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FBI: 50 Years Of 'Ten Most Wanted'

This week marks the 50th anniversary of the FBI's "Ten Most Wanted" program. CBS News Correspondent Jim Stewart reports what began as a publicity stunt has evolved into one the bureau's most successful programs.

A reporter asked J. Edgar Hoover who he wanted to capture most and Hoover came up with ten names. It was an instant hit with the public, which already had been keeping close tabs on the FBI and their gangster targets through newsreels.

These days the latest list appears not only on America's Most Wanted, but the Internet as well. And as soon as one name is taken off, there are hundreds of candidates for its place.

To select new criminals for the list, "We ask 56 field offices to nominate individuals who they feel are very dangerous," explained Tom Pickard, the FBI's deputy director.

There are three criteria for deciding who should be on the list:

  • First, that there is an outstanding warrant for the individual
  • that they be considered particularly dangerous
  • and that publicity might help aid in their capture.

It seems to work. So far, 134 top ten fugitives have been turned in by the public.

Hugh Morse was recognized by his neighbors in 1961 when they toured the FBI building on their honeymoon and saw the most wanted list.

We didn't pay too much attention, at least I didn't, to what our tour guide was saying," recalls Jeanette Carlson. "But as we went up closer, I said to Harry, 'It's got to be Jim. It looks like him. The tattoos are him.'"

FBI agents arrested Morse, known to the Carlsons as Jim Corwin, later that afternoon at his house in St. Paul. He was still carrying his murder victim's wristwatch.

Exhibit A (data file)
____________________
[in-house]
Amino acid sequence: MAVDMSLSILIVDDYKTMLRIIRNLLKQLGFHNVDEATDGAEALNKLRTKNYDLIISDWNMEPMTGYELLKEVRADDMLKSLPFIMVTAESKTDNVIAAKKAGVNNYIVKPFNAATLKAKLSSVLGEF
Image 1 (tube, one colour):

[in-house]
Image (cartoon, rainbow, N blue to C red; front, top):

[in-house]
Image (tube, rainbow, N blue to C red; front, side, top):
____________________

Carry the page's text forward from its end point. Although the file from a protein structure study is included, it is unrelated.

In fact, the bureau nearly always gets its man or woman. Out of the 458 fugitives placed on the list, 429 have been apprehended. That's a 93% success rate.

There have only been seven women on the list out of the 458 total.

The makeup of the list has changed over the years. Once bank robbers dominated. Now, it's terrorists. Osama bin Laden, the alleged mastermind of the East African embassy bombings, is there. So is Eric Rudolph, the accused Olympic park bomber, along with James Kopp, the man accused of shooting abortion doctors. Putting the list on the Internet, the bureau has found, gives it worldwide reach.

"We get a tremendous number of hits on the FBI web page every day and a lot of people are interested in that," said Pickard. "We get e-mail and letters based upon it and telephone calls that aid us greatly with our apprehensions."

But they haven't got much help with Donald Webb. If you haven't heard of him, you're not paying attention in the post office. Donald Webb has been on the FBI's ten most wanted list longer than anyone else - 19 years now - nearly half the life of the list itself. Webb, who's 68 years old now, is wanted for murdering a police chief in Pennsylvania.

Given its popularity, the bureau will probaby always have a top ten list, even though some experts don't think it will be as necessary in a few years. In the future, cameras hooked to a data bank of human images will be able to pull a face out of a crowd far quicker than any human ever could.

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